It’s All In The Timing. Well… Timing And Prep.

Posted: May 9, 2014 in Uncategorized

Last weekend, the Munster and I went to the Improv in downtown San Jose to see some com-e-dey.  We have been before and had a blast. Especially when we saw the hysterical Bob Saget.  With Crazy for You getting off the ground, I figured that I could use a little more comedy for these old bones.

The venue wasn’t especially busy so we sauntered right in. We got a pretty good table and waited for our waiter to order beverages. For the oustide of the building to look as meh as it does, I was surprised to find that rest of the place is actually well kept. The 4 lights that were out were way up out of the way, so they didn’t affect the room with random dark spots. We could watch the waiters and patrons as they came and went.

Eventually, the lights were dimmed and the host for the night stepped out of the wings. At first, I thought we were going to be stuck with an incredibly lousy show but after a few attempts at audience connection he found a chuckle here and there. He introduced the featured comic who was an energetic self depricating jokester. Her jokes were funny mostly, but there were a few that toed the pity/uncomfortable line. Even so, she plodded through her set-ups to get to the punchlines.  I appreciated her energy and fight to keep the audience engaged.

The headliner it turns out was an insult comic. So for the most part he bashed on the crowd. The first thing he did was to tell the audience what to expect, and did tell people who are easily offended that they should probably leave. True to his word, he shocked the house into laughs by saying some truly cringe worthy remarks.  The problem I had with the performance was during the last 20 minutes, he didn’t have any filler jokes between the times he was trying to think of something say about one of the spectators.  This in turn led to a lot of people stirring their drinks on the silence.  Hearing the ice cubes bouncing off the sides of glasses killed any momentum he was working toward and draining the smiles off of the crowd’s faces.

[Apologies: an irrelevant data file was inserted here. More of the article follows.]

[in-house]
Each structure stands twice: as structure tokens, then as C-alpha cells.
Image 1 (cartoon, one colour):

I don’t know how to do stand up, but I would imagine that it could only benefit a comic to have a few jokes in their bag of tricks  for just these kinds of moments.  You know, kind of like how an actor needs to have songs and monologues prepared just in case at auditions they ask for another song or speech. Or maybe you didn’t know that.

I do know about performance though. And nothing is worse than not being able to get to the payoff OR not being able to harness that energy built and drive it back into the crowd to keep them with you.

Next time you go to a comedy club, take a moment to watch the give and take between the audience and the performer. It is amazing when everything goes right, and still pretty fascinating when it doesn’t.  At least for the audience anyway. For the performer, it pretty much sucks a turd. I would say to try it at a show, but those are stories of moments that all tie together so you have to pay attention.

Have you ever tried stand up? I’d love to hear your experience. Drop me a line and we’ll chat!

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